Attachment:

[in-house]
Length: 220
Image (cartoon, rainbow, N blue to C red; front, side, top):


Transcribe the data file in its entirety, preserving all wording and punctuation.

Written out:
[in-house]
Length: 220
Image (cartoon, rainbow, N blue to C red; front, side, top):